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Nathan Winquist

Nathan Winquist is a Research Coordinator for Northwestern University’s Center for Behavioral Intervention Technologies (CBITs).  Recently completing his MS in Health Communication at Northwestern, he is currently preparing for and looking into future PhD programs.  Nathan manages studies focusing on college student digital mental health tools, and also has research interests in community, transfer, and junior college student mental health.

 

Consistency has been reassuring and rewarding to me throughout my life. Organization, however, was a trait I struggled with until I was in college. My father’s primary organizational strategy was Post-it notes, and I grew up with these Post-its all over the house. They were on the front door, the bathroom mirror, the microwave, and all over his desk.  In my mind, this was the way adults organized themselves. However, when I decided to be more organized in college, I found the Post-it strategy did not work for me. 

Fortunately, I stumbled upon the strategy of keeping a journal. I found that writing things down in one place made them much more likely to be completed. Since then, I began using a day planner as well as the Note app on my phone to keep additional to-do lists. Recently, a friend suggested I download and try Habitica.  Upon using Habitca, I felt like it was a habit tracker that could have been made for me. It was useful while also being fun, stimulating, and rewarding. The interactive aspect of Habitica made it much more exciting than simply keeping planners, and it soon became my primary method of organization.

Once I downloaded the app, I created my character, and I chose my general interests. After my character was created and my interests were chosen, the tutorial showed me how to create different habits, dailies, and to-dos. The app even pre-populated itself with habits or tasks related to the interests I picked, which was helpful. The tutorial helped explain how to use the habit-tracking functions of the app. However, the tutorial didn’t provide as much information about the features that make Habitca a social game, like how to play with other players or go on quests. It took more digging than I would have liked to figure these things out.  Fortunately, my friend helped with this. I found a lot of things useful and fun about Habitica including its social and game features and multi-platform accessibility.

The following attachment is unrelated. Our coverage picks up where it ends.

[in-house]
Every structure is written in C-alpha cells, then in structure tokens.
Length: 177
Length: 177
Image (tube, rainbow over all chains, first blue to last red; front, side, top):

Social Features

The friend who suggested I download Habitica was someone I had grown up playing video games with. I was pretty excited to join and play this game with my childhood friend. A little after the first month, my fiancé (not a gamer) noticed my productivity and wanted to play as well!  Playing with each other helped us encourage and push each other in our party chat to get habits done to accomplish various quest goals and beat monsters.  It was reassuring to consistently see that others were looking to improve themselves as well.

Game Features

Habitca combined my interest in actively logging my daily life with the passion for games that I had cultivated through years of playing role-playing games like World of Warcraft.  I enjoyed beating monsters, completing quests, and leveling up my character with my friends, all while being much more productive in my day to day life. I’d find myself trying to maintain all sorts of positive habits like flossing, creative writing, professional networking, and even trying to reduce negative habits I’d have developed like avoiding sweets or watching TV for too long.  I also was motivated to complete a big yard renovation project to accomplish these in-game goals. 

Additionally, I’d try to incorporate other habits from the game/app’s “Challenges” section.  This was a section where I could view and accept many different habits (in my case: recreational reading and creative writing) as challenges that are created by other users or groups.  Through completing these challenges and my own habits, Habitica provided incentive through obtaining rewards and in game items. For example, I tried to earn enough gold to buy armor to make my character look like a Viking that’s riding a brown T-Rex, which was really fun! 

Multiple Platforms

After about two months, I discovered Habitica’s web-platform, which was much more user-friendly and convenient than the app. I spend a lot of time in front of a computer for work and school, and it was helpful to have Habitica on my browser in the background to remind me of the various habits and tasks I try to accomplish. Habitica has become a constant presence, and I’ve networked, wrote, and read recreationally much more frequently due to this.

All in all, Habitica helps keep my habits and to-dos organized while providing me with a new incentive structure to accomplish them through social support and in-game rewards.  It has been and will continue to be a regularly used tool for me to accomplish my goals and develop and maintain more positive habits. I suggest starting this app/game with a friend(s).  Alternatively, you can join various guilds in the game to connect with hundreds of players. Habitica isn’t the only app that incorporates game and social features. You can find some other examples of game-based mental health or self-improvement apps on PsyberGuide including: SuperBetter, Flowy, Sinasprite, Lumosity, TF-CBT Triangle of Life or eQuoo.